DINING OUT: Longbow goes a long way for quality comfort

Since opening in January of 2010, Longbow Pub and Pantry hasbecome the go-to destination for southwest Brooklynites looking fora good pint, good company and a good view of the night’s game.

Within the cozy, dark wood and big-screen TV-lined pub -deliberately reminiscent of a public house from owner MichaelColbert’s native Wales – a warm atmosphere and warm, friendlyservice underscore the homey goodness of the food, which is farmore than the typical pub fare found on this side of theAtlantic.

Not only is the menu full of hearty dishes, but Colbert and wifeJennifer, a native Brooklynite, emphasize the use of authenticingredients prepared by hand. They woo diners with a menu thathighlights the time-honored classics of the British Isles, pairedwith a wide selection of tap beers, pints and European craft alesfrom England, Scotland and Wales, carefully curated by Michaelhimself.

For example, the Welsh Rarebit ($6.50, add $2 for bacon) isrich-flavored and filling, but not cloying, and features agedCheddar cheese spiked with beer and melted over a thick hunk oflocally-baked country-style bread that somehow manages to hold-upto the creamy spread. The bacon curls on top add a complex contrastof flavors and textures.

Meanwhile, the Shepherd’s Pie ($13.50; $11.50 for the specialthat comes with a side salad, sautéed spinach or chips) was savory,chunky, creamy and hearty – everything that the comfort-food dishdemands. It was filled with ground lamb – not ground beef, whichColbert said would make it cottage pie – peas and colorful chunksof carrot, under a deep layer of golden-crusted mashedpotatoes.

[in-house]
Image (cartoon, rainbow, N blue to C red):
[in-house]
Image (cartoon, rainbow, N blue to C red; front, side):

No trip to Longbow is complete, though, without trying theirsignature Fish and Chips ($12.50) -meaty beer-battered fried codfilets next to a giant pile of fresh-cut chips hand-carved fromIdaho potatoes that Colbert says produce chips – not French fries -similar in taste and texture to those in England. As for thesauces, try the homemade garlic mayo or the tartar sauce for thisdish, as both are a cool counterpoint to the fish.

If you’re not up for a full meal, Longbow also has some savorysnack options, some of which can serve as a light meal.

The Scotch Egg ($7) brings together boon companions, egg andsausage, in a way that Americans are likely to find novel. Ahard-boiled egg is cloaked with sausage meat, rolled in breadcrumbsand deep-fried. It’s served, split down the middle on a bed oflightly dressed greens.

The Devils on Horseback ($5.50) is another quintessentiallyBritish treat. They comprise sweet, soft dates stuffed with acrunchy almond and wrapped in a bacon cloak for a dish that issimultaneously sweet and salty, with a contrast of textures andflavors that keeps the palate on alert.

You could also split a couple of Hamburger (three for $9.50) orPortobello (two for $8.50) sliders, both of which areportably-sized and filled amply with accompanying lettuce andtomatoes; the Portobello also including melted mozzarella and freshroasted vegetables.

In addition to a full menu, Longbow features Sunday trivianights at 7 p.m. led by barmaid Claire and Thursday afternoonMommy-Baby Happy Hour, which Jennifer noted is a social lifesaverfor new moms, like she once was, who crave camaraderie in thosefirst years.

Longbow is also the only pub in Bay Ridge to sell growlers,those 64-ounce glass bottles that can be filled with any of their12 draught beers and then drunk there or taken home, only to bebrought back during the next week’s game. Growlers cost $6 andrefills are $12, except for Guinness and Blanche du Bruxelles,which are $13.

Longbow Pub & Pantry

7316 Third Avenue

Brooklyn, NY 11209



Curbside pick-up available; no delivery.

Monday to Thursday from noon to 2 a.m.

Friday from noon to 4 a.m.

Saturday from 10 a.m. to 4 a.m.

Sunday from 9 a.m. to 2 a.m.

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